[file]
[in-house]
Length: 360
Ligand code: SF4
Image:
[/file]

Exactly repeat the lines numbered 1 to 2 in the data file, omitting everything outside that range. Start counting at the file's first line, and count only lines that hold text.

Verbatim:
[in-house]
Length: 360